Is it because the case involves an actor that these rules have been broken time and again? Or because it’s the sense that their story is just one among a whole bunch of similar stories being published online? But four days after the incident, the rules are still being broken — if the report doesn’t have her name, this ‘missing’ piece of information is ‘balanced’ out by adding her photo to it. Others didn’t name the actor or carry her photos, but named every movie she acted in, and if they changed their headlines, the actor’s name remained in their URL.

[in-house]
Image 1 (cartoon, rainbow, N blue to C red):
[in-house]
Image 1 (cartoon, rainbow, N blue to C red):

If Scroll.in ran a note below one of their pieces stating that a previous version had carried the survivor’s name and that it had been removed because it later turned out to be sexual assault, others like The Times of India decided that this was unimportant, and took it a step further. Unsurprisingly, they used the survivor’s name in their headline, and referred to the case as the “abduction of a pretty girl”, because apparently that little piece of information is necessary. But, of course, this wasn’t enough for them. They even decided to have a slideshow of images of the actor in pain, obviously taken from her various movies. Why were they so intent on trying to convey her pain by putting on a show as though the news of sexual assault wasn’t already horrific? They’ve taken down the slideshow ever since, but the “abduction of a pretty girl” remains, and now their headline, ‘Popular Malayalam actress kidnapped and harassed!’ has a needless exclamation mark.